Building trust in local governance in Burkina Faso

Radio-facilitated transparency and accountability in local governance in Burkina Faso increases civic participation and tax revenue.

A Project of
Peace Through Development II (PDev II)

Located about 60km from the Malian border, the commune of Ouahigouya serves as the capital of both its province and of the Northern Region of Burkina Faso. With the highest population density in the province and an arid climate that leaves its agrarian population vulnerable to droughts, Ouahigouya suffers from political instability and soaring youth unemployment rates. As Deputy Mayor Ibrahima Ouedraogo recounts:

In recent years the whole country has suffered from instability, but it hit us particularly hard. Many of our public and state buildings were pillaged and burned [in the 2011 riots]. If you pass through our town you see the remnants – many of our state buildings have yet to reopen.

When the USAID-funded Peace Through Development II (PDev II) project intervened in Ouahigouya in 2013, the charred landmarks were a visual metaphor for the bitterness many citizens felt towards their local government. They stood as a reminder of the potential for grievances to erupt into violence. To ease these tensions, PDev II began implementation of a series of interconnected activities designed to create transparency and dialogue in local governance, thereby increasing the accountability of local officials and creating resilience to violent extremism. Radio programming and media strengthening provided by Equal Access International (EAI) was tantamount to these efforts. In addition to producing and broadcasting quality, Mooré-language good governance radio programming that used community reporters to incorporate the voices and opinions of local citizens and officials alike, EAI also provided training and support for local radio productions on tolerance and good governance.


In the past, people misunderstood or just didn’t know what we were doing. Citizens did not come to the council to express their opinions, and in the same vein, the council didn’t put a lot of consideration how it was serving the citizens.” – David-Hiver Ouedraogo, Director of Communications for the Municipal Council

The radio programs sparked a new awareness among council members, which inspired the council to invest in live broadcasts of all meetings across three local radio stations. They also began publishing political proceedings in a free quarterly magazine, and hosting Inter-Community Dialogue’s to provide council members with the opportunity to present the political progress achieved to a citizen audience.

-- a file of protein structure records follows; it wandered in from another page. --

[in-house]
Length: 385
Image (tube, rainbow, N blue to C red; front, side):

The Deputy Mayor said public reception of the council’s initiatives has been incredible:

Following council meetings, we’re getting a lot of feedback: letters, calls, and emails. We’re very aware of a keen public interest in our actions…People are participating, asking questions, holding officials accountable, and making suggestions. It’s too early yet to say that the system is perfect, but we know that we’re on the right track and that citizens will hold us to it and not permit us to revert to old habits.

We asked ourselves ‘why is it that every time there is a problem, the government is attacked?’ We realized that it was because there was no communication between the people and the council members. As a result, we have now started an initiative to live broadcast all council meetings on local radio channels, so that everyone can follow the proceedings. This also motivates council members to voice their electorate’s concerns because their constituents are listening.”

Beyond increased citizen participation, the commune’s newfound transparency is also producing tangible financial results: a drastic increase in the percentage of small-shop owners, vendors, and cart-workers paying tax. The unexpected gain in tax revenues has been a boon to local development, providing the council with a financial incentive to make a long-term commitment to good governance.


We’ve never seen transparency like this in our town management; it has renewed our faith in our municipal council. Now citizens are submitting complaints to their councilors so they can be raised during council sessions. With the live broadcasts, if the councilors don’t act on those concerns, we take notice. It’s a new way for us to hold our representatives accountable. Furthermore, as a market vendor, I’m now paying my taxes, because I understand where my money is going. Before, when the tax collectors came, everyone fled, the market cleared out in an instant. Since the broadcasts, and the new communications strategy, we voluntarily go to the town call to register and pay our taxes because we have confidence that their actions are being made public.” – Mahamadi Ouedraogo, Kola nut merchant

"Previously, when we paid our 4,000 CFA cart tax, we didn’t know where that money was going. Now we realize that those taxes are funding public projects that benefit us, and we don’t hesitate to pay."

In my forty years working in the market, I’ve never seen such a transparent administration. In the past, local affairs were kept secret, but now that they’re broadcast there is no more injustice. We are so pleased with this transparency that we’re now eager to pay taxes, as we appreciate the public services achieved with our money, such as the municipal cemetery, and the cleaning and maintenance of our town.” – Solfo Ouedraogo, Vendor in Ouahigouya’s central market

* Footnotes: Writing, interviews, translations and photography by Rebecca Chapman, Equal Access International. Article published also on Exposure.

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